IEEE has been the technical home for me. It is the place I gain knowledge about the fundamentals, state of the art, emerging applications, and key technologies. In essence, through its publications, it has allowed me to get to know who has done what, when, where, and how. The IEEE has provided me the opportunity to meet and make acquaintance of outstanding people of great minds and characters, whom otherwise I would have never had met them outside the IEEE.

You have been awarded one of IEEE's highest-level awards. What does this award mean to you?

The IEEE Picard Medal in Radar Technologies and Applications is the crowning achievement in my career. It is the ultimate recognition, from most respected organization, of more than 35 years in algorithm developments covering signal analysis, processing, detection, estimation, localization, prediction, classifications, and tracking with applications to radar. This medal has given the honor to be in the same column with great achievers in the field. The Medal citation underscores and bring attention to the important utilities of radar in security and healthcare.

What other associations have helped you in your career?

My association with IET, EURASIP and SPIE Societies.

Career Advice: What advice would you give to young professionals entering your field today?

Be patient, study the problem carefully, and fully understand as well as appreciate previous solutions and attempts by others. Also, devise new algorithms for existing and growing applications and find new applications for existing and powerful algorithms. Charter your own technical approach as long as you believe in it, even if it is not viewed to be in the mainstream. If effective, it will sooner or later be adopted as the next mainstream. As much as possible, use real data to validate your algorithms. So, build good labs early on and acquire the necessary and relevant equipment which would allow you generate the data.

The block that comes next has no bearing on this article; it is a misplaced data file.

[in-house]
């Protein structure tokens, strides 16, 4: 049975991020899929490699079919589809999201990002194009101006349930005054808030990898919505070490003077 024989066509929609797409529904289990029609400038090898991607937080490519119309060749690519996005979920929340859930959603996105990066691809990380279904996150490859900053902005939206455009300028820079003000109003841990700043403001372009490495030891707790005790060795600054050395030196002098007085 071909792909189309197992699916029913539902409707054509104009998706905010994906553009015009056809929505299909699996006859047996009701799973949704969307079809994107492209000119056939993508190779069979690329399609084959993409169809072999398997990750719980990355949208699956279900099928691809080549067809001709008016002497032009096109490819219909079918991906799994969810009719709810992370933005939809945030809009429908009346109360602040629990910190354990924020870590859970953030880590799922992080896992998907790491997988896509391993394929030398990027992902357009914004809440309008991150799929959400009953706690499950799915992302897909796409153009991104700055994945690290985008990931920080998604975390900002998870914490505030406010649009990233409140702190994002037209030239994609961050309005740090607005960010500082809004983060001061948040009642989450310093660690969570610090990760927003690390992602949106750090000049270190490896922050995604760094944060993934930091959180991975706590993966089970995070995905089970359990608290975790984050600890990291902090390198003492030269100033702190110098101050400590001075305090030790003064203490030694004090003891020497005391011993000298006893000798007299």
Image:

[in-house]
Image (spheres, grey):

Reflection: What would you have done differently or tell your younger self now?

Do more volunteering services to various communities locally, nationally, and internationally. Also, take weekends off!

Was there a project that you were so passionate about that you continued to pursue it even though there may have been doubts about its success?

My belief in the success of the projects I worked on always propelled me to work harder and go the extra mile to show useful outcomes. These projects have had different levels of success, but I am equally proud of all of them.

What career achievement are you most proud of?

Using radar to improve urban security and to support health monitoring, especially for elderly and people with disabilities. I am also proud of being awarded the IEEE Picard Medal, the IET Achievement Medal, the Humboldt Prize, and the Fulbright Distinguished Chair.

Personal Life: What do you do for fun? Hobbies?

Walk and travel nationally and abroad.

What personal achievement are you most proud of?

Raising my kids to be thankful, and to value what they have. Teaching them not to be judgemental and respect the others. Also showing them by example the benefits to see the cup half-full and to never quit and get discouraged because of few blocks along the road.

Do you have a favorite food? Or a family recipe that may have been passed down?

Lamb with rice.

Do you have a favorite genre of music? or a favorite song? Or do you play an instrument?

Many of the arabic music and songs I grew up listening to still are my favorite and I listen to them while driving.

Do you have a prize possession? If so, please explain.


What are three things people may not know about you?

Very sentimental, spending lots of money on clothing and buying things I like, great sense of humor.

Who was your mentor? (eg. family member or professor)

My father implanted in me the drive to succeed and my mother taught me the gooid manners. Academicallly, all my teachers throughout my schooling were my mentors.

What is one thing you cannot live without in your work space?

My computer of course. Physically, windows in my office.

Anything else you would like to share about yourself?

Thank you!